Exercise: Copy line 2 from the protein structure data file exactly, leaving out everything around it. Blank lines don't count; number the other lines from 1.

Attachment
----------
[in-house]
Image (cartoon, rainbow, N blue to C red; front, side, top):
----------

Image (cartoon, rainbow, N blue to C red; front, side, top):